• Paul's writings were being circulated among the early Christians and were considered to be Scripture (2 Peter 3:16).
What a blessing that those who love God and feed on His every word, needed not to wait centuries between the events in Scripture and an inspired recording of those events.
"Perhaps the house of Judah will hear all the calamity which I plan to bring on them, in order that every man will turn from his evil way; then I will forgive their iniquity and their sin" (36:3).
Even though His people had been in rebellion for years, God was still willing to offer them another chance. It just reminds me that no one ends up eternally separated from God hastily or quickly. God reminded the rich man that his brothers had access to truth (Luke 16:29).
"Then Jeremiah called Baruch the son of Neriah, and Baruch wrote at the dictation of Jeremiah all the words of the Lord, which He had spoken to him, on a scroll"
The Bible is not a book that was put together with carelessness. Jeremiah dictated the message from God to a scribe. Such men were professionals, and taking dictation was a specialized skill. Observe that what was communicated to Jeremiah, then spoken to Baruch and recorded, is indeed called the "word of the Lord" (36:6). Nothing has been lost or added in this process.
This scroll was to be read publicly to the people in the Temple area (36:6). Again, God is hopeful (36:7). Jeremiah cannot go into the Temple area; he says he was restricted (36:5). It could be He was ceremonially unclean for some reason, or that he had been forbidden to enter that area because his messages had been very unpopular. In verse 9 we learn that a fast had been proclaimed, not by the leaders, but by the people. One of the officials hears the reading and quickly wants other officials to hear it (36:11-15). Their reaction is fear and they recognize quickly that the king needs to be informed (36:16-17. Realizing the reaction from the king might be dreadful, they, with wisdom, advise Jeremiah and his scribe to go into hiding.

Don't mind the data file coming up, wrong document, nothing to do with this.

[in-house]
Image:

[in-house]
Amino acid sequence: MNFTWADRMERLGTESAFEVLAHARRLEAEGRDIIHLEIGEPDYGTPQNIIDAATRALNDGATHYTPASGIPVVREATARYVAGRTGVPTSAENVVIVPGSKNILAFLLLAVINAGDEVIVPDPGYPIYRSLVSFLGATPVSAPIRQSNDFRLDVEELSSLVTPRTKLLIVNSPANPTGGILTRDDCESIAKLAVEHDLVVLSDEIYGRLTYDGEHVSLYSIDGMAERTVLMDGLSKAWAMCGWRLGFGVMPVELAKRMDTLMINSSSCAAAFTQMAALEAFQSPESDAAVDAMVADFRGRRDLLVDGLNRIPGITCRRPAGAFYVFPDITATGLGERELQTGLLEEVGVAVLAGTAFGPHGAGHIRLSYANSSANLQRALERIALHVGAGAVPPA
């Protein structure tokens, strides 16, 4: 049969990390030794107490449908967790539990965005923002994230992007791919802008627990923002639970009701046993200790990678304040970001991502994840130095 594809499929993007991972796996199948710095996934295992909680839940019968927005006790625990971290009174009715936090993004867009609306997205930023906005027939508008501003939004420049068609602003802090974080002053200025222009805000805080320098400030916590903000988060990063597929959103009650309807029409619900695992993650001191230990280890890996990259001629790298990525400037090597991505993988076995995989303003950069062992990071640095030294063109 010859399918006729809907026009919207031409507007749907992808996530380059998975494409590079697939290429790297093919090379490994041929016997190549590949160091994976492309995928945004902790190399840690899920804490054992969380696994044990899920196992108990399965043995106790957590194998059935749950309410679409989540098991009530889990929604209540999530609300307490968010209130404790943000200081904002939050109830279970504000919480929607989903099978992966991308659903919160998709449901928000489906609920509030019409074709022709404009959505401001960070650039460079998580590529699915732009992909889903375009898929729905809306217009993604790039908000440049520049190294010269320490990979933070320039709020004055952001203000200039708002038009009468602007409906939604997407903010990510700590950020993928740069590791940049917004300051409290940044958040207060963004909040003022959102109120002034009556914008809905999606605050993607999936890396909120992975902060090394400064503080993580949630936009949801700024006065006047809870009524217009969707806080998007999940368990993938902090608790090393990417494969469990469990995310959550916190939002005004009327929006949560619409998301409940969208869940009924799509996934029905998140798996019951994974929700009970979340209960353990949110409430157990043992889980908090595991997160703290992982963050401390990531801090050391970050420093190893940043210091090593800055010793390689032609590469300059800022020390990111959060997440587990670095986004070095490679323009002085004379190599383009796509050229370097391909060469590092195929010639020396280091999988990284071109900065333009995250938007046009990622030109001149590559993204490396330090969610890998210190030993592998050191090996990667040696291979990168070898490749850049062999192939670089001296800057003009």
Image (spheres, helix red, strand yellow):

The King Hears:
Many times in the Bible, even high officials are given the opportunity to hear the word of God:
• The Kings of ancient cities: Genesis 14:22
• Various Pharaohs: Genesis 41-Exodus 1
• Nebuchadnezzar: Daniel 2
• Darius: Daniel 6
• Cyrus: Ezra 1:1-4
• Herod: Matthew 2
• Pilate: John 18-19
• Felix, Festus, King Agrippa: Acts 24-26
• Caesar/His Household: Philippians 1:13; 4:22; Acts 26:32
The same is true today, for it would be very naive to think that in all their life, any given leader had never encountered a Christian or the gospel message.